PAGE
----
Next Article in Journal
A Survey of Jellyfish Sting Knowledge among Naval Personnel in Northeast China
Previous Article in Journal
The Short-Term Effect of Ambient Temperature on Mortality in Wuhan, China: A Time-Series Study Using a Distributed Lag Non-Linear Model
Previous Article in Special Issue
Community-Based Management of Child Malnutrition in Zambia: HIV/AIDS Infection and Other Risk Factors on Child Survival
Article Menu

Export Article

Int. J. Environ. Res. Public Health 2016, 13(7), 723; doi:10.3390/ijerph13070723

Article
The Epidemiologic, Microbiologic and Clinical Picture of Bacteremia among Febrile Infants and Young Children Managed as Outpatients at the Emergency Room, before and after Initiation of the Routine Anti-Pneumococcal Immunization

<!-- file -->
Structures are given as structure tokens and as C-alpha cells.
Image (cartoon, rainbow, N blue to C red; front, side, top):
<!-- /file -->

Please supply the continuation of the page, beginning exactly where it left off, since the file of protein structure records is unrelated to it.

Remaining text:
1
Pediatric Emergency Medicine Department, Soroka University Medical Center, Faculty of Health Sciences, Ben-Gurion University, Beer-Sheva 84101, Israel
2
Sackler Faculty of Medicine, Tel-Aviv University, Tel Aviv 6997801, Israel
*
Author to whom correspondence should be addressed.
Academic Editor: Karin Nielsen-Saines
Received: 13 May 2016 / Accepted: 13 July 2016 / Published: 19 July 2016

Abstract

: